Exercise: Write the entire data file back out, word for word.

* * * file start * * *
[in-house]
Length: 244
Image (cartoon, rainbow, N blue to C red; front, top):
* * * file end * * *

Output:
[in-house]
Length: 244
Image (cartoon, rainbow, N blue to C red; front, top):